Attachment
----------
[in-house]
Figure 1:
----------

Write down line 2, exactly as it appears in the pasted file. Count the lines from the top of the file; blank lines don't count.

Figure 1: